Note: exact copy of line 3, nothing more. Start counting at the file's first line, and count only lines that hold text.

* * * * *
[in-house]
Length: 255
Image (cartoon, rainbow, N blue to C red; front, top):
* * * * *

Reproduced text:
Image (cartoon, rainbow, N blue to C red; front, top):